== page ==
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Home Opinion Contributors AAAM-Buhari Meeting: WHY EXCLUDE STAKEHOLDERS?


EFULA ABBA (Motoring World’s General Editor)

Inquisitivity, it is said, kills the cat; and yet asking bares no grudge, because it enlightens and broadens knowledge. There are reasons to begin to ask questions now concerning the August visit of the Association of Africa Automotive Manufacturers, AAAM, to the country recently.

13912615_1041755019255892_1324665234114725429_nFrom the planning of the visit, the arrival and the reception; the meetings, the participation, the presentation and the agreements reached, stakeholders of the Nigeria Auto Industry seem to be indubitably absent and one is concerned to know if their absence was deliberate or if there was some kind of premeditation to exclude the Nigerian Auto manufacturers (or assemblers), in a matter that is paramount to their existence.

When Motoring World International learnt about the August visit, it dropped in the mind of the editors to seek clarifications from some close relationships in the Industry, as to why there was not at least a Press Release to that effect.  Surprisingly, most of those communicated with were even more astonished to know where the information came from, suggesting they had no idea about the visit, let alone the rationale behind it.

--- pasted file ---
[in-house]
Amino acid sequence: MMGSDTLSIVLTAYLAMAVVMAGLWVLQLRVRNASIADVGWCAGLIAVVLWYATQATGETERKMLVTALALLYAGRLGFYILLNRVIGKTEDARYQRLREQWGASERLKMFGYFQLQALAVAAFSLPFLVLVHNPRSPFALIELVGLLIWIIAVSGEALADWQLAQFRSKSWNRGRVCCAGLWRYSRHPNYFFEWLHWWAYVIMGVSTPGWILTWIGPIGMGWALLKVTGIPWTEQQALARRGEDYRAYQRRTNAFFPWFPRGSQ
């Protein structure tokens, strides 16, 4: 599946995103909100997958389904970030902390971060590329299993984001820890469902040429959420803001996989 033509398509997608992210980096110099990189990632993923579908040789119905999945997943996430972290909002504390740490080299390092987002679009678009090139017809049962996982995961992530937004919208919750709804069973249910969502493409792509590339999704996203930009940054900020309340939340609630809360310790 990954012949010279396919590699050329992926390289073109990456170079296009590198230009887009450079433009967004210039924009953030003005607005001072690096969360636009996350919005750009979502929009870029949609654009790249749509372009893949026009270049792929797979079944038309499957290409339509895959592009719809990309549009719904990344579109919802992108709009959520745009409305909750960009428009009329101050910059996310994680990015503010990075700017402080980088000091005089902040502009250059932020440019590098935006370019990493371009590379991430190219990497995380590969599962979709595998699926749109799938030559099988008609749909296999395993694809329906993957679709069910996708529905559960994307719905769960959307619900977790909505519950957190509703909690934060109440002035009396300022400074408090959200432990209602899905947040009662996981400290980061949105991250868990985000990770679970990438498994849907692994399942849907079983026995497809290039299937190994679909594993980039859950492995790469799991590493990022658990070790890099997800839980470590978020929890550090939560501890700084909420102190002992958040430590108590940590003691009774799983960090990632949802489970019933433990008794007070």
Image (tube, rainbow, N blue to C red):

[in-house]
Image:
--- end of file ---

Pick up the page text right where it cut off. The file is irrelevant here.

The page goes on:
But, even though they showed optimism that the visit was very useful at the time, the tone in their voices was that of rejection and denial, which makes one to wonder what exactly, is happening?  Because, ordinarily the Nigeria Automotive Manufacturers Association, NAMA as the umbrella body of all auto manufacturers in the country, should have been well represented at what ever meeting that borders on the auto industry in the country, no matter who is organizing it; and the visit of the AAAM was no doubt a participation environment for NAMA, if not as sub-host to the National Automotive Design and development Council (NADDC) the apex body, serving as government’s monitors of the auto industry.

Therefore, if NAMA members had exuded ignorance about Mr. Jeff and his team’s visit and yet not in the fulcrum of the meeting with Mr. President, then something is certainly not right from somewhere and no doubt a lapse by the organizers.

Even if the AAAM had stormed into the country without pre-information, the first thing to have been done was to contact Nigerian stakeholders, via the leadership of NAMA, which then should have informed all members of the Association, at least for the sake of awareness. That is, if there is nothing fishy going on.

Insinuations had been making the rounds from many quarters how some influential people in the country are fighting tooth and nail to jeopardise the sincerity in the effort of the President Buhari government concerning the implementation of the auto policy. And it is somehow becoming clearer now that it goes beyond mere insinuations, but a reality that some people are not in support of developing the country.